When people apply to become foster carers, an assessment is undertaken called a Form F. This can take many months to complete because it involves a detailed evaluation of the applicant’s life – quite rightly because fostering is providing care to very vulnerable children. When those applicants have children of their own, part of this assessment is to check that the ‘birth children’ themselves are comfortable with the potential fostering arrangements. After all, fostering is something that the whole family unit undertakes, and is quite unique in that respect.
An agreement from birth children that they are willing to accept other children into their household is a necessary step in order for their parents to potentially become carers. What it doesn’t do, obviously, is show how amazing and welcoming these children truly are. Sons and Daughters Month is both an acknowledgement and a thank you to all the fantastic birth children of foster carers who, in their own way, contribute to the fostering task.
FCC’s Director of Child Care for England, Steve Field, said: “Birth children play a vital role in welcoming fostered children into the household. FCC is delighted to celebrate the positive impact and dedication birth children show and we are extremely thankful that they are a part of our fostered children lives, sometimes going on to become foster carers themselves.”
Kim Perkins, FCC’s Director of Child Care for Wales, said: "At the FCC, we always remain conscious that children and young people are placed within a fostering household and that all members of that household are key components of their fostering experience. Unfortunately, the important role played by the sons and daughters of foster carers isn't always recognised so we welcome the opportunity to celebrate them during 'Sons and Daughters' month".
FCC’s message to the birth children of foster carers is: thank you for accepting a new child into your home. Thank you for playing with them, talking to them, bonding with them, making them laugh, listening to them, helping them and sharing your parent’s time with them. Without you, your parents wouldn’t be able to make a real difference to children’s lives. This is something that you should be truly proud of.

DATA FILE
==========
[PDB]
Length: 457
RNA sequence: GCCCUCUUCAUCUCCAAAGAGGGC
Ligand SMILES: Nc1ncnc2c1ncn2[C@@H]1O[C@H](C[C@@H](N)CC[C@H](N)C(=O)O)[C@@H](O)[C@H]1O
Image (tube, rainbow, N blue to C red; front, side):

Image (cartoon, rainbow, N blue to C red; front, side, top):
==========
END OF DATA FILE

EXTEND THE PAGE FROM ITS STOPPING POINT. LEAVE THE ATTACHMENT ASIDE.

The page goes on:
Dave & Mary's Story...
Dave & Mary have been foster carers for The Foster Care Co-operative for twelve years, and live in Birmingham. They have fostered many children on a long term basis. Dave is also a trainer for the Skills To Foster course that The Foster Care Co-operative run for all new carers.
"When our youngest son was born visually impaired, my wife and I contemplated seeking some respite care. Whilst exploring this we discovered that there was a need for other children to be cared for. We initially registered with a Local Authority to provide weekend respite care for physically disabled young people.
Prior to retiring from the Police I had made plans to travel for an extended period of time, so we decided that we would suspend the fostering for a while to get the travelling out of our system - and on return to go for longer term foster placements.
We then moved to The Foster Care Co-operative. We were impressed with the ethos of the company: surplus income going straight back into the care of the children. We were also really impressed by their founder, Laurie Gregory – particularly his energy and vision for what he wanted for young people.
Coming from the police into foster care, I found that there were lots of transferrable skills. I knew I was adaptable as most officers are - but my analytical, communication and advocacy skills have always been useful. Also a sense of loyalty and commitment to good moral values are without doubt skills already honed in a tough profession.
The elements I find most rewarding about being a carer is trying to build relationships with young people who haven’t necessarily had the best start in life. Watching them arrive all shy and nervous - then spending time with them, building confidence and self-esteem and watching them grow and progress. Seeing them move into independent living has made us feel that we have really accomplished something - and that the young person is now better equipped to deal with what life will throw at them.
It’s not always easy; sometimes a young person’s behaviour can be a problem, but more than that it’s trying to find what’s behind it, why it occurs and how can we help the young person to turn their life around.
If you’re thinking of becoming a carer, I would say talk to other carers, do your research and attend a recruiting event. Discuss with your family what they think as at the end of the day it’s the family that fosters not the individual - everyone becomes involved and my boys and extended family are just as much a part of our fostering journey as we are."